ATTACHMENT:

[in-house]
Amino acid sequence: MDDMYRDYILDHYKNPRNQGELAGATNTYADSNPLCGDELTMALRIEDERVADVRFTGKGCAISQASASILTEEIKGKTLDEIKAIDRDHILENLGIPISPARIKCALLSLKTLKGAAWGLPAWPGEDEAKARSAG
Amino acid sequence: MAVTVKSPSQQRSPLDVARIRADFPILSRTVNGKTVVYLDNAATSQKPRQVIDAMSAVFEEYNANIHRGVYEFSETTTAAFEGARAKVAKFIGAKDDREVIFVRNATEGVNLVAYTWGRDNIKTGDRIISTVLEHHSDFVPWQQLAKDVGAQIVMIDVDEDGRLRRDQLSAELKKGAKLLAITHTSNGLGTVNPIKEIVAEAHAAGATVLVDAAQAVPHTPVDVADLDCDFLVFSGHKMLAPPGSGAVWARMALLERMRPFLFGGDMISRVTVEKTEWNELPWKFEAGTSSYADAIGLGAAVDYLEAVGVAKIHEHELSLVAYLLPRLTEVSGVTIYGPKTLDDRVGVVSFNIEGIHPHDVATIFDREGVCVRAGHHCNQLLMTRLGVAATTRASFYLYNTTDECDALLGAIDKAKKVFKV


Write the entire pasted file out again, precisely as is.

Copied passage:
[in-house]
Amino acid sequence: MDDMYRDYILDHYKNPRNQGELAGATNTYADSNPLCGDELTMALRIEDERVADVRFTGKGCAISQASASILTEEIKGKTLDEIKAIDRDHILENLGIPISPARIKCALLSLKTLKGAAWGLPAWPGEDEAKARSAG
Amino acid sequence: MAVTVKSPSQQRSPLDVARIRADFPILSRTVNGKTVVYLDNAATSQKPRQVIDAMSAVFEEYNANIHRGVYEFSETTTAAFEGARAKVAKFIGAKDDREVIFVRNATEGVNLVAYTWGRDNIKTGDRIISTVLEHHSDFVPWQQLAKDVGAQIVMIDVDEDGRLRRDQLSAELKKGAKLLAITHTSNGLGTVNPIKEIVAEAHAAGATVLVDAAQAVPHTPVDVADLDCDFLVFSGHKMLAPPGSGAVWARMALLERMRPFLFGGDMISRVTVEKTEWNELPWKFEAGTSSYADAIGLGAAVDYLEAVGVAKIHEHELSLVAYLLPRLTEVSGVTIYGPKTLDDRVGVVSFNIEGIHPHDVATIFDREGVCVRAGHHCNQLLMTRLGVAATTRASFYLYNTTDECDALLGAIDKAKKVFKV